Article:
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Blaming and Shaming Language – Stop The Shoulding

Illustration depicting an aerosol can with a blame remover concept.

Quick Tips We can stop “shoulding” on people by:

  • Changing our language – use “I” instead of “you” when addressing issues
  • Accepting ownership for our own actions
  • Turning negative self-talk into positive thoughts about ourselves

Key Question: How do I stop “shoulding” on people?

What is “shoulding?”

“You should have taken out the garbage before you went to work.”  “You should have checked the oil before you drove it.”  “You should have told her to bug off.”  Sound familiar?

 

Why we “should” on others

Unfulfilled expectations can be disheartening and damaging.  When things that we anticipate don’t come true, things come crashing down around us.  We have put too much of our success, happiness and needs on the shoulders of others.  When we are not happy, we tell ourselves it is their fault. They should do something different.

The effect of “shoulding”

Just hearing the word “should” places people in the position to justify, defend or retaliate.  “Shoulding” is blaming language and conveys a tone and attitude of judgment, disappointment or disapproval. This language can initiate or intensify conflict.

Replace “shoulding”

Use language that clearly conveys your needs and feelings in a way that you will be heard.  Avoid accusing others. Start sentences with “I” vs. “You.”

Instead of saying,  “You should have been straight with us.”

Say, “I am really angry and I need to understand what happened.”

Take responsibility:

Notice what “should” implies.  It implies some need that is not being met.  Dig deeper and ask what you are really upset about.

Shoulding can be blaming on everyone else rather than accepting responsibility for ourselves.  We can always take responsibility for our response.

Be Specific

Be very clear about what concerns you.  Avoid using “you,” speak from your own perspective.

Instead of saying:  “I felt really frustrated when you….”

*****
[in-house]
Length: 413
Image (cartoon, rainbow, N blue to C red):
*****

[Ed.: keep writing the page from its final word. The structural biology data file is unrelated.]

Say:  “I felt really frustrated when “x” happened and the reason I was frustrated is that it undermined my authority.”

End with a Resolution Request

End with a request prevent conflict in the future.

Say:  “How can we handle this differently in the future? 

Or: “How can I prevent this in the future?”

Your Assignment

An assignment that can help you avoid “shoulding” on people:

  • Count and note the number of “shoulds” you hear this week.
  • Make a mental note of how people react if you or someone else “shoulds” on them

To learn more about this topic, listen to the entire podcast, Stop Shoulding on People  http://www.texasconflictcoach.com/2010/stop-shoulding-on-people/

Patricia “Pattie” Porter, LCSW, ABW, AAP

The Texas Conflict Coach

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Airing Out the Office: How to Keep Toxic Behaviors from Overwhelming the Workplace

danger-44457__180Have you ever come into work after a long weekend and the smell of new carpet or paint was overwhelming? The first thing we want to do is open a window to let in some fresh air. If we cannot air out the room fast enough, we get headaches and have difficulty concentrating because of the fumes. Incivility in the workplace operates like these toxic fumes. Consultant Sharone Bar-David says, “Workplace incivility refers to those seemingly insignificant behaviors that are rude, disrespectful, discourteous, or insensitive, where the intent to harm is ambiguous or unclear.”  The behaviors can include a co-worker who repeatedly avoids saying hello in passing, the team who leaves for lunch without inviting you, eye rolling while another team member is talking.